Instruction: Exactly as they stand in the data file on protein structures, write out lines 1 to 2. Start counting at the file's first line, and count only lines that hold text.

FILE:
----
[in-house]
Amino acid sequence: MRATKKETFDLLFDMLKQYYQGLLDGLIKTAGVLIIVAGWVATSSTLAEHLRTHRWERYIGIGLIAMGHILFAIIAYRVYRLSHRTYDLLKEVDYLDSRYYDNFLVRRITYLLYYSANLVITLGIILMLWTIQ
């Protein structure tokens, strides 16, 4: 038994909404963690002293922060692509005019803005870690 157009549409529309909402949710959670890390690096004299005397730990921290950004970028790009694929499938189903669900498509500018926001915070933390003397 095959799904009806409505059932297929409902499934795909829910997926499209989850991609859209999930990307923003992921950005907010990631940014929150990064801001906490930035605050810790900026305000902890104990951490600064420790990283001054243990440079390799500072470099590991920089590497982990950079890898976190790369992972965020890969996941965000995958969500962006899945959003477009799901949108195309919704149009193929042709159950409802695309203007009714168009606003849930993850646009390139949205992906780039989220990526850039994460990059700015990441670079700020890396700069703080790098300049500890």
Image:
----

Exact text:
[in-house]
Amino acid sequence: MRATKKETFDLLFDMLKQYYQGLLDGLIKTAGVLIIVAGWVATSSTLAEHLRTHRWERYIGIGLIAMGHILFAIIAYRVYRLSHRTYDLLKEVDYLDSRYYDNFLVRRITYLLYYSANLVITLGIILMLWTIQ